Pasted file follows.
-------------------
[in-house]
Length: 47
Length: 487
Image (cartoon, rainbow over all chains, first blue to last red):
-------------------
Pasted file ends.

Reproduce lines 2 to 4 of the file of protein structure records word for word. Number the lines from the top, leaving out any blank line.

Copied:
Length: 47
Length: 487
Image (cartoon, rainbow over all chains, first blue to last red):